Partnerships for ocean literacy
Ocean literacy took centre stage at the side event “Partnering to educate the ocean science leaders of the future” during the 2021 High-level Political Forum.
The High-level Political Forum on Sustainable Development (HLPF) takes place at the United Nations in New York every July and brings together stakeholders from politics, diplomacy, civil society, industry, unions, academia, and others to discuss the implementation of the 2030 Agenda and progress on the targets of the 17 Sustainable Development Goals (SDGs). In 2021, as well as in 2020, the HLPF has been largely digital, with mostly diplomats resident in New York being physically present at the UN.
Partnering for the ocean
On Tuesday 6 July 2021, United Nations Academic Impact (UNAI) and SDG Bergen Science Advice (SDG BSA) at the University of Bergen co-sponsored the official HLPF side event “Partnering to educate the ocean science leaders of the future”. The side event was fully digital with speakers from New York, Bergen, Longyearbyen, London, Cape Town, and Trinidad.
Public Information Officer Omar Hernández from United Nations Academic Impact opening the side event.
After a brief welcome from UNAI’s Public Information Officer Omar Hernández, Professor Edvard Hviding, who is SDG BSA’s Scientific Director, took over and guided the 200 registered participants into the upcoming discussions on how local knowledge and scientific knowledge complement each other to improve global ocean literacy, and how new approaches to higher education and researchers training are required for developing a truly interdisciplinary ocean science for the future.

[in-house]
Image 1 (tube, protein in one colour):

Scientific Director Edvard Hviding of SDG Bergen Science Advice was the moderator of the side event. Pictured live from the studio.
The road to Lisbon
In the opening keynote Ambassador Peter Thomson, who is the UN Secretary-General’s Special Envoy for the Ocean, pointed out the voyage humankind is currently on towards the second UN Ocean Conference in Lisbon next year.
“The next UN Ocean Conference is centred on science, innovation, solutions and partnerships,” said Thomson, “with science as the flagship, powered by the renewable energy of innovation and partnerships, I am confident the solutions the conference seeks will emerge – and put us in a position to make the right decisions for the ocean.”
UN Secretary-General’s Special Envoy for the Ocean Peter Thomson gave the keynote at the side event.
He quickly turned to the theme of ocean literacy.
“When it comes to ocean literacy, we have far to go. The first principle of ocean literacy is that the world has one big ocean with many features. This is fundamental to our understanding, as it overcomes the human mindset that imagines we can carve up the ocean,” he said.
Global partnerships key to ocean literacy
He then put this into the context of global partnerships in higher education, connecting SDG14 (Life below water) and SDG17 (Partnerships for the goals).